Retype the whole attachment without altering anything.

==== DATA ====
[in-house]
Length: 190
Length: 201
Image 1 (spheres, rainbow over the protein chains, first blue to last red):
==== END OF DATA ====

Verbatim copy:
[in-house]
Length: 190
Length: 201
Image 1 (spheres, rainbow over the protein chains, first blue to last red):